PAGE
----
Is it ethical or unethical to tweet under someone else’s name?
Todd Defren, on his blog PR-Squared.com, addresses a specific instance of tweeting under false pretenses.
In this particular case our tweeter is a corporate executive who is renowned in his field. He is twitter-literate and his pages houses a pretty hefty fan base. He tweets regularly about the happenings in the company and beyond.
He is going to be an integral participant in a company trade-show. He will be very busy at the trade-show, but he still wants his twitter page to update his followers on what is happening at the conference.
Said corporate executive asks others to tweet under his name, as if they are him.
Is this ETHICAL or NOT?
This is a prime example of Ghost Blogging, which is when some one blogs (or tweets) under another person’s name. This can apply to anyone from government officials (like Hilary Clinton) to entertainers (like 50 cent). So what’s the big deal?
If you choose to participate in Ghost Blogging you risk losing your on-line credibility. When you write for followers you develop a type of relationship with them, and if you lose their trust then you lose their loyalty. Dave Fleet offers alternatives to this possibly ethical dilemma:
- Have more than one author in the first place. That way, if a situation arises when you’re unable to blog, it grants responsibility to the other author(s)
- Include a disclaimer! If you audience knows you’re not the one writing from the get-go, then there’s no room for a breach in trust
Barry Schwartz, a participant in Search Engine Roundtable thinks that sometimes Ghost Blogging is implied with certain people who tweet, such as President Obama himself. The difference to him though, is that it’s a common cynicism that we all have to know that it’s not really him tweeting or updating his status on Facebook.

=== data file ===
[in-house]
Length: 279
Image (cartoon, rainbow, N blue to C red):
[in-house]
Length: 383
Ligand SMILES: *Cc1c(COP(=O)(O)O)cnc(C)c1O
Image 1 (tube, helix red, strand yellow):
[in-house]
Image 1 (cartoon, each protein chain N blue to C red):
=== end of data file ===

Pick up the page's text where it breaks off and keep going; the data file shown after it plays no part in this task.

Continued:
Author of The Art of the Start, Guy Kawasaki, is an example of another professional who is guilty of using ghost-tweeters. Social Conversations addressed this issue in their article The Ghost Tweeting Debate & Measuring Social Media. They acknowledge that Guy Kawasaki is a very busy professional in his field, and that it should be common sense that he wouldn’t have the time to maintain and update his own Twitter on a daily basis. After all, it has to be difficult to be a famous author, managing director of Garage Technology Ventures, and columnist for Entrepreneur Magazine, and still have time to manage a well followed Twitter page.
The issue with this particular situation is that he, like so many others before him, did not make it publically known that he was not updating his Twitter page, and it wasn’t until Dave Fleet accused him of this until this information was known.
So what do you guys think? Is it ever okay to blog as someone else?